National Bank’s measures to increase lending in national currency start showing results
On May 22nd the National Bank published data about various economic sectors’ debts to the banking system.
Due to high interest rates on national currency business loans, enterprises used foreign currency loans. Enterprises received cheap foreign exchange resources, but increased their foreign currency risk. The National Banks’ consistent policy aiming at reducing the discount rate and banks’ restrictive margins has gradually achieved positive results and increased lending in national currency.
High devaluation expectations, lack of ruble’s liquidity in the banking system in early 2013 resulted in the suspension of national currency business loans. Interest rates on ruble loans were up to 38.5% per annum, including interest rates within government programmes. In fact, such high rates were prohibitive for the majority of enterprises in Belarus. Ongoing economic activity, against the background of growing accounts receivable and accounts payable, requires additional resources in the national currency. The solution was found through increased lending in foreign currency and the subsequent sales of received loans at BCSE (Belarusian Currency and Stock Exchange). The resulting ruble resources were used to finance current operations.
Along with the reduced devaluation expectations, this funding scheme has gained a considerable scale. With minor national currency exchange rate fluctuations, the differences in interest rates on currency and ruble business loans (9-10% per annum and over 40% per annum respectively) have resulted in an increased share of foreign currency business loans. In the short-term, provided that the Belarusian ruble exchange rate is relatively stable, these measures were justifiable, however in the mid- and long term, they increase businesses’ currency risks. Noteworthy, that a government body also receive a foreign currency loan for the first time in the history: Grodno Oblast Executive Committee borrowed USD 80 million at 8% per annum for 6.5 years.
To reduce the interest rate on national currency loans, the National Bank, acknowledging the changes in the business loans structure and under pressure from the government, started reducing the discount rate. The banking system has received additional liquidity and business loans interest rates started dropping. In late April 2013 businesses’ outstanding loans in the national currency were BYR 2.5 trillion, the highest volume in 2013.
Thus, on the one hand, businesses’ access to affordable loans in national currency is gradually improving, and on the other hand, the National Bank addresses the issue of growing currency risks in the economy and simultaneously fights against the main problem – economy’s dollarization. Business loans interest rates will be going down gradually in order to prevent the possible sharp increase in business borrowings provided there is a lack of long cheap ruble liquidity.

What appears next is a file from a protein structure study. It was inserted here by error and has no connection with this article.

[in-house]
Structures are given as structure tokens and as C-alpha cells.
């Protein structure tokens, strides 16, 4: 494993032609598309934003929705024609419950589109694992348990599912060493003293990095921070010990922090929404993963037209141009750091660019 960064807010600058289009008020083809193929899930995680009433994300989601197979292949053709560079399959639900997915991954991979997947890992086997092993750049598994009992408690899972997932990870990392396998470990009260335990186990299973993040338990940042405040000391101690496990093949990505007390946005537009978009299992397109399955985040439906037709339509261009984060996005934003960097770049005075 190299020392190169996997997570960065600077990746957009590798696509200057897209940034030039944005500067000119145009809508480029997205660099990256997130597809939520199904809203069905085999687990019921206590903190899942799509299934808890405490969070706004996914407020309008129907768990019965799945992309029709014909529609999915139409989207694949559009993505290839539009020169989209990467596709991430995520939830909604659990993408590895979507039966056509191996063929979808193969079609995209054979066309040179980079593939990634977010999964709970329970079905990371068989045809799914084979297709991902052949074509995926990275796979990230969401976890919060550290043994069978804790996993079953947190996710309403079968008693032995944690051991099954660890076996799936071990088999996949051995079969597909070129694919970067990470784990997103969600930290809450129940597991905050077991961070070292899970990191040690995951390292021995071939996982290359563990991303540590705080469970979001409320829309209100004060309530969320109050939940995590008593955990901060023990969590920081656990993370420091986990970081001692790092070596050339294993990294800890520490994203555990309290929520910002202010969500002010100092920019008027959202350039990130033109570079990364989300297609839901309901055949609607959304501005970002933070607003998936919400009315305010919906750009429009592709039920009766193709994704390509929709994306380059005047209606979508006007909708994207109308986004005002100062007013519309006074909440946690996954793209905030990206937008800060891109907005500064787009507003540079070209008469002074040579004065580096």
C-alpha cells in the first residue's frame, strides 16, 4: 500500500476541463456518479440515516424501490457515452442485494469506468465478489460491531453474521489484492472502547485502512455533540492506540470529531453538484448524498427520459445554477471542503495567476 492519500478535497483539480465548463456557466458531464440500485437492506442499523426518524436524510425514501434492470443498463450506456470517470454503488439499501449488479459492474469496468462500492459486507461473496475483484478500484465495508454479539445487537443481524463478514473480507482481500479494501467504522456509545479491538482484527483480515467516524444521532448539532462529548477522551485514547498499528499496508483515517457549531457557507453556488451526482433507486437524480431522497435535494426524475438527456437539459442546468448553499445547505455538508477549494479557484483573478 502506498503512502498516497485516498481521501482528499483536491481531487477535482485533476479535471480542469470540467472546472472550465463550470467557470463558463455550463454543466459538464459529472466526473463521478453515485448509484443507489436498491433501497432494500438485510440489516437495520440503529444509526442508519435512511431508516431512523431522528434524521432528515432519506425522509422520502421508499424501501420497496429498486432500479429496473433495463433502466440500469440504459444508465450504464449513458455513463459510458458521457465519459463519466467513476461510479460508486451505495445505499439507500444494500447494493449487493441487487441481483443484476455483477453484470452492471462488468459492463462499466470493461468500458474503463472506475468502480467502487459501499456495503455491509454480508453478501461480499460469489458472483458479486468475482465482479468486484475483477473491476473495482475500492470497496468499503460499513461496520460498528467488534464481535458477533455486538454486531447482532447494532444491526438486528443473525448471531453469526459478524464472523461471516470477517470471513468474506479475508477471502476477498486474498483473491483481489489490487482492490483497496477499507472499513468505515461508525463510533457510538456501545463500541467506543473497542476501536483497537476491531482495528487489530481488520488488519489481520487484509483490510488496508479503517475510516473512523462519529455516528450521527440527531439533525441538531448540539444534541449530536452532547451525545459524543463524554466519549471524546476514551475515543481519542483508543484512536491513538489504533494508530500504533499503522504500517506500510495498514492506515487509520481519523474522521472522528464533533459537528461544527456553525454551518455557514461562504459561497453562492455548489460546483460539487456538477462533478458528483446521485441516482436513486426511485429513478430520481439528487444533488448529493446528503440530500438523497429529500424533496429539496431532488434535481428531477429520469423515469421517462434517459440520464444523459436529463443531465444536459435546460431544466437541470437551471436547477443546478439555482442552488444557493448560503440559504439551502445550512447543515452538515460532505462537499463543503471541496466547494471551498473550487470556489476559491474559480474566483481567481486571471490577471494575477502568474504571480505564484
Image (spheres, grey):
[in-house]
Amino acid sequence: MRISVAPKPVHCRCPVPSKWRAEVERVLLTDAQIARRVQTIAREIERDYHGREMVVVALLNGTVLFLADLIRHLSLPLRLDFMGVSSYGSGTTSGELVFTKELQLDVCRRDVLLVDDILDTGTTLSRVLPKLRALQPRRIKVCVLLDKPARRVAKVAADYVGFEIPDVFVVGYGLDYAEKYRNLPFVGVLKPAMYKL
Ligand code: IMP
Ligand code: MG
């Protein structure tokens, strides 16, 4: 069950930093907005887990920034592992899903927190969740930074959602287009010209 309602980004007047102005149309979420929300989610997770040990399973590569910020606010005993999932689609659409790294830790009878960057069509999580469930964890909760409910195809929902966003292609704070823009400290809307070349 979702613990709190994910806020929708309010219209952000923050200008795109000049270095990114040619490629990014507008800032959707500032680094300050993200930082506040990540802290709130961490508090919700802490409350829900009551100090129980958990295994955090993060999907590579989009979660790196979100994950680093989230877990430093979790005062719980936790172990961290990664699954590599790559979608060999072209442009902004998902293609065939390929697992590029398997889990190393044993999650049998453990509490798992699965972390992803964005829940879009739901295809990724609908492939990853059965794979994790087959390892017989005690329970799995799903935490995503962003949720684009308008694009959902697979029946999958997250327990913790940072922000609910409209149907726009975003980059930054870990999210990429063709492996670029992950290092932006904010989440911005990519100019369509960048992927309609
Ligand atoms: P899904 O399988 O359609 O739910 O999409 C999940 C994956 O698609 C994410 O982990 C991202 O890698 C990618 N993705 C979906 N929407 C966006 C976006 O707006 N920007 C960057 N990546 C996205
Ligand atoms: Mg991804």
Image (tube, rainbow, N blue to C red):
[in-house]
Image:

The Belarusian authorities have launched a discussion on the moratorium or abolition of the death penalty under the pressure of Belarusian human rights activists and international community. Apparently, the authorities are interested in monitoring public sentiments and response to the possible abolition of the capital punishment. The introduction of a moratorium on the death penalty would depend on the dynamics in Belarusian-European relations, efforts of the civil society organisations and Western capitals.
In Grodno last week, the possibility of abolishing the death penalty in Belarus or introducing a moratorium was discussed.
The Belarusian authorities are likely to continue to support the death penalty in Belarus. During his rule, President Lukashenka pardoned only one person, and courts sentenced to death more than 400 people since the early 1990s. Over the past year, Belarusian courts sentenced to death several persons and one person was executed.
There are no recent independent polls about people’s attitude about the death penalty in Belarus. Apparently, this issue is not a priority for the population. In many ways, public opinion about the abolition of the death penalty would depend on the tone of the state-owned media reports.
That said, the Belarusian Orthodox Church and the Roman-Catholic Church stand for the abolition of the capital punishment, however their efforts in this regard only limit to public statements about their stance. Simultaneously, the authorities could have influenced public opinion about the death penalty through a focused media campaign in the state media. As they did, for example, with the nuclear power plant construction in Astravets. Initially unpopular project of the NPP construction was broadly promoted in the state media, and eventually, according to independent pollsters, was accepted by most population.